Nature 2004;429;6990;375-81

  • Abi1 is essential for the formation and activation of a WAVE2 signalling complex.

    Innocenti M, Zucconi A, Disanza A, Frittoli E, Areces LB, Steffen A, Stradal TE, Di Fiore PP, Carlier MF and Scita G

    IFOM Istituto FIRC di Oncologia Molecolare Via Adamello 16, 20134, Milan, Italy.

    WAVE2 belongs to a family of proteins that mediates actin reorganization by relaying signals from Rac to the Arp2/3 complex, resulting in lamellipodia protrusion. WAVE2 displays Arp2/3-dependent actin nucleation activity in vitro, and does not bind directly to Rac. Instead, it forms macromolecular complexes that have been reported to exert both positive and negative modes of regulation. How these complexes are assembled, localized and activated in vivo remains to be established. Here we use tandem mass spectrometry to identify an Abi1-based complex containing WAVE2, Nap1 (Nck-associated protein) and PIR121. Abi1 interacts directly with the WHD domain of WAVE2, increases WAVE2 actin polymerization activity and mediates the assembly of a WAVE2-Abi1-Nap1-PIR121 complex. The WAVE2-Abi1-Nap1-PIR121 complex is as active as the WAVE2-Abi1 sub-complex in stimulating Arp2/3, and after Rac activation it is re-localized to the leading edge of ruffles in vivo. Consistently, inhibition of Abi1 by RNA interference (RNAi) abrogates Rac-dependent lamellipodia protrusion. Thus, Abi1 orchestrates the proper assembly of the WAVE2 complex and mediates its activation at the leading edge in vivo.

    Funded by: Telethon: D.090

    Nature cell biology 2004;6;4;319-27

  • Computational and experimental studies on human misshapen/NIK-related kinase MINK-1.

    Qu K, Lu Y, Lin N, Singh R, Xu X, Payan DG and Xu D

    Rigel, Inc., 1180 Veterans Boulevard, South San Francisco, CA 94080, USA. kqu@rigel.com

    We have studied the structure and function of Human Misshapen/NIK-related kinase (MINK-1) through a combination of computational methods and experimental approaches, including (1) fold recognition and sequence-structure alignment for each structural domain using the threading program PROSPECT, (2) gene expression and protein-protein interaction analysis of yeast homologs of human MINK-1 domains, and (3) yeast two-hybrid screening for proteins that interact with human MINK-1. Our structure prediction dissects MINK-1 into four domains: a conserved N-terminal kinase domain, followed by a coiled-coil region and a proline-rich region, and a C-terminal GCK domain. Gene expression and yeast two-hybrid analysis of yeast homologs of the MINK-1 domains suggest that MINK-1 may be involved in cell-cycle progression and cytoskeletal control. Consistent with these predicted functions, our in-house yeast two-hybrid screen for proteins that interact with human MINK-1 provides strong evidence that the coiled-coil and proline-rich domains of MINK-1 participate in the regulation of cytoskeletal organization, cell-cycle control and apoptosis. A homology model of the MINK-1 kinase domain was used to screen the NCI open compound database in DOCK, and chemical compounds with pharmaceutically acceptable properties were identified. Further medicinal chemistry compound structure optimization and kinase assays are underway.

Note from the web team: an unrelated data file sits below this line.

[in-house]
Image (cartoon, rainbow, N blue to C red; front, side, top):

Current medicinal chemistry 2004;11;5;569-82

  • The eps8 family of proteins links growth factor stimulation to actin reorganization generating functional redundancy in the Ras/Rac pathway.

    Offenhäuser N, Borgonovo A, Disanza A, Romano P, Ponzanelli I, Iannolo G, Di Fiore PP and Scita G

    The FIRC Institute for Molecular Oncology, 20134 Milan, Italy.

    Sos-1, a guanine nucleotide exchange factor (GEF), eps8 and Abi1, two signaling proteins, and the lipid kinase phosphoinositide 3-kinase (PI3-K), assemble in a multimolecular complex required for Rac activation leading to actin cytoskeletal remodeling. Consistently, eps8 -/- fibroblasts fail to form membrane ruffles in response to growth factor stimulation. Surprisingly, eps8 null mice are healthy, fertile, and display no overt phenotype, suggesting the existence of functional redundancy within this pathway. Here, we describe the identification and characterization of a family of eps8-related proteins, comprising three novel gene products, named eps8L1, eps8L2, and eps8L3. Eps8Ls display collinear topology and 27-42% identity to eps8. Similarly to eps8, eps8Ls interact with Abi1 and Sos-1; however, only eps8L1 and eps8L2 activate the Rac-GEF activity of Sos-1, and bind to actin in vivo. Consistently, eps8L1 and eps8L2, but not eps8L3, localize to PDGF-induced, F-actin-rich ruffles and restore receptor tyrosine kinase (RTK)-mediated actin remodeling when expressed in eps8 -/- fibroblasts. Thus, the eps8Ls define a novel family of proteins responsible for functional redundancy in the RTK-activated signaling pathway leading to actin remodeling. Finally, the patterns of expression of eps8 and eps8L2 in mice are remarkably overlapping, thus providing a likely explanation for the lack of overt phenotype in eps8 null mice.

    Molecular biology of the cell 2004;15;1;91-8

  • Abl interactor 1 promotes tyrosine 296 phosphorylation of mammalian enabled (Mena) by c-Abl kinase.

    Tani K, Sato S, Sukezane T, Kojima H, Hirose H, Hanafusa H and Shishido T